Robert L. Thorndike

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Robert Ladd Thorndike[1] (September 22, 1910 – September 21, 1990) was an American psychometrician and educational psychologist who made significant contributions to the analysis of reliability, the interpretation of error, cognitive pen pene of students in various countries.[2] Like his father, Edward Thorndike, he conducted research in both animal and human psychology. With Irving Lorge, Thorndike published a standardized test in 1954 which later became, with the collaboration of Elizabeth Hagen, the widely used Cognitive Abilities Test.

He was one of the first to write about cluster analysis.[3][4]

Thorndike was a professor at Teachers College, Columbia University from 1936 to 1976.[5] He received his B.A. (Mathematics) from Wesleyan University in 1931, and his M.A. and Ph.D. (both in Psychology) from Columbia University in 1932 and 1935, respectively. He was president of the American Educational Research Association and the Psychometric Society. Thorndike died of heart failure in September 1990 at the age of 79.[6]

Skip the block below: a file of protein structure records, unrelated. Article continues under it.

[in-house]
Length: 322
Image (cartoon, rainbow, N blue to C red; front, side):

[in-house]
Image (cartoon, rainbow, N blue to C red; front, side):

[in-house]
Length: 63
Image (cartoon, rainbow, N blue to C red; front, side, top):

1. ^ Sheehy, Noel; Chapman, Antony J.; Conroy, Wendy A. (2002). Biographical Dictionary of Psychology. ISBN 9780415285612. Retrieved 2015-06-14.
  2. ^ Robert Thorndike biography
  3. ^ Robert L. Thorndike (December 1953). "Who Belongs in the Family?". Psychometrika. 18 (4).
  4. ^ Thorndike Robert L (1953). "Who belongs in the family?". Psychometrika. 18 (4): 267–276. doi:10.1007/BF02289263.
  5. ^ Thorndike, R. L. (1950). "Individual Differences". Annual Review of Psychology. 1: 87–104. doi:10.1146/ PMID 14771868.
  6. ^

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Further reading[edit]

Educational offices
Preceded by
Patrick Suppes
President of the

American Educational Research Association

Succeeded by
Gene V. Glass